returned to their native lands when hostilities ended. Equally notable figures
from abroad — Enrico Fermi of Italy and Hungarian-born Leo Szilard, for
example — shared in our atomic effort and established permanent American resi-
dence following the war." — Joint Committee on Atomic Energj\ Investigation
into the United States Atomic Energy Commission. Senate Report No. 1169,
October 13, 1949. Eighty-first Congress, first session, page 8.

"For it was only in 1896 that Becquerel discovered the phenomenon of radio-
activity, and the subsequent work of Einstein, Rutherford. Bohr, Millikan,
Fermi, Compton, Lawrence, and many others in the galaxy of brilliant men and
women, lias exposed the atom and its nucleus to our intellectual contempla-
tion." — Remarks of Lewis L. Strauss, member. United States Atomic Energy
Commission, before the New York Academy of Medicine, October 30, 1947.

"The announcement of the hypothesis of fission and its experimental confirma-
tion took place in January 1939. There was immediate interest in the possible
military use of the large amounts of energy released in fission. The early
efforts both at restricting publication and at getting Government support were
stimulated largely by a small group of foreign-liorn physicists centering on L.
Szilard and including E. Wigner, E. Teller. V. F. Weisskopf, and E. Fermi. —
Smyth, H. D., Atomic Energy for Military Purpose. Princeton, N. J., Princeton
University Press, 1945, page 45.

"From the days when the refugee du Ponts first settled here, at the invitation
of Thomas Jefferson, to the arrival of those great refugee scientists who played
so preeminent a role in the conquest of the atom, Einstein and Fermi and their
many distinguished collaboratoi'S, we have been not only safeguarding liberty
but enjoying its rich fruits. I hope that day will never come when the thinking
of scientists is so hedged about with petty restrictions that, as happened in
Germany and Italy, foreign scientists will not want to come here and our own
scientists will not want to stay."- — Statement of Hon. Harold L. Ickes, S'^cre-
tary of the Interior, January 23, 1946 (hearing before the Special Committee
on Atomic Energy, United States Senate on S. 1717, a bill for the development
and control of atomic energy, p. I, 79th Cong., 2d sess, page 91).

"In May of this year [1945], 2 months before the test in New Mexico showed
conclusively that the atomic bomb would work. Secretary Stimson, with the
approval of the President, appointed an interim committee to recommend legis-
lation that would insure that this discovery would be controlled and developed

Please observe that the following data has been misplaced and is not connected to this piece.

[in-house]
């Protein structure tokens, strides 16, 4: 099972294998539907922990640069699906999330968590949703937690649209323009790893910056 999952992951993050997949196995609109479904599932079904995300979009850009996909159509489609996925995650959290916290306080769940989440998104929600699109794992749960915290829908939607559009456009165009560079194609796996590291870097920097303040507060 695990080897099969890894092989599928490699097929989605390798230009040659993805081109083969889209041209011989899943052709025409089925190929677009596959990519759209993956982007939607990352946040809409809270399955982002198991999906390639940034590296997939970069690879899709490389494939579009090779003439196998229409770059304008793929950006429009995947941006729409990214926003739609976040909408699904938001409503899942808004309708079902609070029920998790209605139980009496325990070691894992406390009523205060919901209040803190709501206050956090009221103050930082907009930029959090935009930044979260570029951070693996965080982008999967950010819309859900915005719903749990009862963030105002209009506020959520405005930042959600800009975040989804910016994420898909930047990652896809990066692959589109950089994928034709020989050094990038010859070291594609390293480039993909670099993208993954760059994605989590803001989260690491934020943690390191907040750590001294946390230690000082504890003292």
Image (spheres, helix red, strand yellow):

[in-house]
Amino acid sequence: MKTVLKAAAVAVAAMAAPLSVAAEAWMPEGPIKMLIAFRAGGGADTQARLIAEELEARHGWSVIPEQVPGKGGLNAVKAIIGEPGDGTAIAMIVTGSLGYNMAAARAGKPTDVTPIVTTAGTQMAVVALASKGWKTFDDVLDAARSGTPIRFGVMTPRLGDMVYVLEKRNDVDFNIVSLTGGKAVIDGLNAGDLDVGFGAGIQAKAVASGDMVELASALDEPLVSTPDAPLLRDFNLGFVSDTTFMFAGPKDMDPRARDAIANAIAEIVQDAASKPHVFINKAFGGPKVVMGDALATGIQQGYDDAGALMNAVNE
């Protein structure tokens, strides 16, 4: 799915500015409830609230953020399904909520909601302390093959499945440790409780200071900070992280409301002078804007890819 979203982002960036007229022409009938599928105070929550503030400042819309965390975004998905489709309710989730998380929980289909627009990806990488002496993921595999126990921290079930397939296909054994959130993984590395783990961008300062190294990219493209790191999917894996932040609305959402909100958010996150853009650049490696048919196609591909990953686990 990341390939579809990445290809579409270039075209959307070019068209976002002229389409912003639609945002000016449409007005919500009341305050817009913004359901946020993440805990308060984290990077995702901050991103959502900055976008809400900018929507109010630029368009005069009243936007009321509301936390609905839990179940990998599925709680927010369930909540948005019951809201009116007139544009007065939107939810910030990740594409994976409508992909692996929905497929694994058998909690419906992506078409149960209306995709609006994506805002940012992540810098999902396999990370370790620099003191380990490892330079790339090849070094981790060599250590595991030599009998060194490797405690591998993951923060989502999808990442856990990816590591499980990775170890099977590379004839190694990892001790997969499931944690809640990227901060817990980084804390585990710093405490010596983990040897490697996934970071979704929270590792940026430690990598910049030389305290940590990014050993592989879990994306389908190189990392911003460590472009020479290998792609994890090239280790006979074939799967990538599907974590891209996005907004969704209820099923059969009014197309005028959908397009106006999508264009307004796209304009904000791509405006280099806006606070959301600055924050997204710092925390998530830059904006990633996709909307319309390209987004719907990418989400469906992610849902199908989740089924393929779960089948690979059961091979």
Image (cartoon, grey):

in the best interests of the people of this country * * *."

"The members w^re also aided by the advice and experience of eminent
scientists who had rendered invaluable service in the atomic bomb project. —
Dr. J. R. Oppenheimer, Dr. E. O. Lawrence, Dr. Enrico Fermi, and Dr. Arthur
H. Compton."— Statement of the Honorable Robert P. Patterson, Secretary of
War, October 9, 19-15 (hearings before the Pommittee on Military Affairs, House of
Representatives. 79th Cong., 1st sess., on H. R. 4280, pages 4-5).

"Dr. GuNN. On March 17, 1939, there was a discussion at Navy Department,
with both Navy and Army officers present, and scientists of the Naval Research
Laboratory, of which I was one. A meeting was held, at which Professor Fermi
and Professor Pegram, of Columbia University, were present. Fermi was known
to me as a highly comnetent phvsicist, unexcitahle, conservative.

"The Chairman (Senator MeMahon). You had great confidence in Fermi?

"Dr. GuNN. We think very highly of Fermi. He was an experimenter in



COMMISSION ON IMMIGRATION AND NATURALIZATION 1985

nuclear physics, and an oufstaiuling exponent at that time." — Hearings before
the Sijecial Committee on Atomic Energy. United States Senate. Senate Reso-
hition 171), a resolution creating a Si)ecial Committee To Investigate Problems Re-
lating to the Development, Use, and Control of Atomic Energy, part '6, page 3G6,
Seventy-ninth Congress, first session (Dr. Ross Unnn, technical adviser to the
Naval Administraticm of the Naval Iteseareh Laboratory).

' These men have long been associated with research on, and the development
of, the atomic bomb. Dr. Oppenheimer was in charge of the work in New
Mexico on the perfection of the bomb itself. Dr. Fermi, who received the Nobel
Prize for physics in IJWS for bis work on the neutron and other nuclear ]ihe-
uomena, has work closely closely with Dr. Oppenheimer throughout the proj-
ect. * * * Because of the importance of their work on the bomb project,
it occurred to me that you and your committee would surely be interested in
having the views of these * * * scientists." — ^llobert P. Patterson, Secre-
tary of War, in a letter to Andrew J. May, Chairman, Military Affairs Commit-
tee, House of Representatives, dated October 12, 1945 (hearings before the
Committee on Military Affairs, House of Representatives H. R. 4280, an act